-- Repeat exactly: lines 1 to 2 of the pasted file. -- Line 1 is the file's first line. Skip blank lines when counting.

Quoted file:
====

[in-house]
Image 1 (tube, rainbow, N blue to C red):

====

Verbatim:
[in-house]
Image 1 (tube, rainbow, N blue to C red):